Lovely children's classics have been digitized by the Library of Congress
Find free and legal music online...
Library books with (annoying) advertisement inserts...
Family Search to begin massive digitization project with the National Archives...

Monday, November 05, 2007

Tea, Schools, and Peace?

I just finished reading Three Cups of Tea by Greg Mortenson and David Oliver Relin (thanks to Aiping Chen-Gaffey for the recommendation).

Not only was it fascinating--it was frightening, uplifting, and inspiring. Mortenson was a mountaineer who sought refuge in a remote Pakistani village after a failed attempt at K2. His time there brought the needs of the village into sharp focus--especially glaring to him was the lack of educational opportunities for the children. He vowed to build them a school. What follows is a tale of compassion in action...and an inside look into a country that is making world-changing headlines even as I write.

Jamming at the Library: A Cell Phone Solution

Various hackers, mad scientists and evil geniuses have come up with a cell phone jamming device... a black box about the size of a pack of cigarettes, which can silence cell phone transmissions within a 30-ft. radius. Hmmm.... are you thinking what I'm thinking? Here's the full article, sent out this morning by Library Director Phil Tramdack.

IMC K-12 Textbook Sale....

Withdrawn and duplicate K-12 textbooks are on sale in the IMC this week for $1 for hardbacks and .50 for paperbacks. This is a good opportunity for education majors, homeschoolers, and other interested parties to build up your own professional library. Pay at the IMC desk, located at the rear of the second floor of the library.

The IMC maintains a current K-12 textbook collection for all subjects, spanning the past ten years... primarily for use by education majors. Older materials are withdrawn. Funds from the sale are deposited with the Friends of Bailey Library, who will be sponsoring a bigger book and media sale next week. Stay tuned!

Sunday, November 04, 2007

Voted Most Popular...

Another interesting feature from OCLC... the 1000 most popular tag cloud. Click subjects to view specific titles and find in a library.

One Reads...

One cannot understand what all the fuss is about.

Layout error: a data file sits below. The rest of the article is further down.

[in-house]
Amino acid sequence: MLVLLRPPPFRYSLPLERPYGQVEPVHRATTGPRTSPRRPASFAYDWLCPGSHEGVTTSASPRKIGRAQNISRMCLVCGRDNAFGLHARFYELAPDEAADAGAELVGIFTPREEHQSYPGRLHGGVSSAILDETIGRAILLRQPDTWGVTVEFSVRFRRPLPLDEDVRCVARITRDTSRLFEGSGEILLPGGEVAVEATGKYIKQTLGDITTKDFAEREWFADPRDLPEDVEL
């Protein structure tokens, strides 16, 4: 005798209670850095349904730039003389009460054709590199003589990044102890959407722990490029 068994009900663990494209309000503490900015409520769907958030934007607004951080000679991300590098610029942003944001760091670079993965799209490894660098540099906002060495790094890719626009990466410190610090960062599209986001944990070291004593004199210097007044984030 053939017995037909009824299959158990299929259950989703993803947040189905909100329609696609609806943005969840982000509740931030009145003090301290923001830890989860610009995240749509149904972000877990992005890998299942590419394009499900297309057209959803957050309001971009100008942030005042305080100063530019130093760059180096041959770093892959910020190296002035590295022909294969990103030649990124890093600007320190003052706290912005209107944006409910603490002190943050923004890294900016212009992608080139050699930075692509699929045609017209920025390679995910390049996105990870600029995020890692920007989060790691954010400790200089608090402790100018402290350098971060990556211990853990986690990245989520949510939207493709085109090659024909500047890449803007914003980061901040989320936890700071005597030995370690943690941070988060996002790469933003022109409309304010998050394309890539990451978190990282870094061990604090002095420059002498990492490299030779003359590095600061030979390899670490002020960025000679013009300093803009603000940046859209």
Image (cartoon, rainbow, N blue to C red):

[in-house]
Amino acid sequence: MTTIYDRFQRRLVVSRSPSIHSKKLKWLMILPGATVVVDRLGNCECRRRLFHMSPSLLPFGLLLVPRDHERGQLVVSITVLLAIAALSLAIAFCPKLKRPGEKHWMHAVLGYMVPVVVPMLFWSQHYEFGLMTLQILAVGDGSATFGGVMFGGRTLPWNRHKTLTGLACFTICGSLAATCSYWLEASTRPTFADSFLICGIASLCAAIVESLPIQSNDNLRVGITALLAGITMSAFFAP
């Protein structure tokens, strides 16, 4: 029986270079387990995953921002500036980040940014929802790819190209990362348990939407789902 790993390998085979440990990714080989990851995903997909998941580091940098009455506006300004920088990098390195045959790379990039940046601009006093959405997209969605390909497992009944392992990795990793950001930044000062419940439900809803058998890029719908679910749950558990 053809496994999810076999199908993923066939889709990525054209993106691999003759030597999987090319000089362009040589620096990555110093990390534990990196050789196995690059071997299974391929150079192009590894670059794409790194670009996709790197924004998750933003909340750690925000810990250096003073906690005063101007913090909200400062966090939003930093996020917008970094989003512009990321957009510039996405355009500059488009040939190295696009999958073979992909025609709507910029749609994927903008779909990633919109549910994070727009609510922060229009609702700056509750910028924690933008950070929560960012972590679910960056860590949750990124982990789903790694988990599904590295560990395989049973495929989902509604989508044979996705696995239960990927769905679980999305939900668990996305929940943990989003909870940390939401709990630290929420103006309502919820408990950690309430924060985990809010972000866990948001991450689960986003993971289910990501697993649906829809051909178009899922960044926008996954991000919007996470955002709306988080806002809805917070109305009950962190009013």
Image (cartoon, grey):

I just finished reading An Uncommon Reader, a very slender tome... one easy evening of reading... about Queen Elizabeth II wandering into a bookmobile and getting the reading habit and the subsequent changes in her life. Very funny in a reserved sort of way, totally charming, and sharply observant of our modern world. The Queen is at turns perplexed and puzzled, but perseveres to find her voice in spite of every opposition.

The Queen's isolation and anachronistic existence make her a popular subject lately, sort of a tabula rasa upon whom any speculation can be projected. Find this quick read and all sorts of other delights in the library's Reading Room.

Thursday, November 01, 2007

So Nice to Share...

Social networking, as I'm sure you are aware, is all about sharing. Sites like Facebook, Flickr, YouTube, and MySpace are most popular, but some relative newcomers like Shelfari (recently pointed out by Library Director Phil Tramdack) are also making an impact. Library Thing has been described as Facebook for books, as it not only allows users to catalog/tag their own books but also connects those with similar reading interests. OCLC recently reported that 57% of social network site users have shared photos or video, 39% have shared books and reviews, and 14% have self-published. Online book clubs are growing by leaps and bounds... and we are not just talking Oprah, but Barnes and Noble, numerous blogs, public libraries, and reader's circles. I think this quote succintly captures this interesting era in internet use... "The internet's readers are becoming its authors. "

In terms of recommending and sharing books, our social networks (on- and off- line) have always been our first resort. My point, and I do have one here, is the introduction of reading/sharing in library catalogs. OCLC's WorldCat recently opened up its WorldCat Lists feature... and more than 10,000 lists were created in the first 8 weeks. Check out "Sarah's List of Janet Evanovich Read-Alikes" or one I threw together as an experiment, "Genealogy Online." Imagine the possibilities... like amazon's Listmania, which I find very useful, the library catalog could contain a myriad of recommendations. Professor Wagstaff's List of Resources, 10 Essential Works of Post-Modern Criticism, Tiffany's Best Bets for Persuasive Speeches, My Favorite Spring Break Reading, etc. For those interested in the more technical side, Disruptive Library Jester has done a great job of categorizing Schemes to Add Functionality to the OPAC. (Noted library commentator Roy Tennant might call this "lipstick on the pig," but think what a little gloss might do for the pig's self-esteem.)